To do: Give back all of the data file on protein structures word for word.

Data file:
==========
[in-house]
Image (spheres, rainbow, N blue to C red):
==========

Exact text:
[in-house]
Image (spheres, rainbow, N blue to C red):